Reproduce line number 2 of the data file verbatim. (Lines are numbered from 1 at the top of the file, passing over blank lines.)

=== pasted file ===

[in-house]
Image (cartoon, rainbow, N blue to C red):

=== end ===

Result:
Image (cartoon, rainbow, N blue to C red):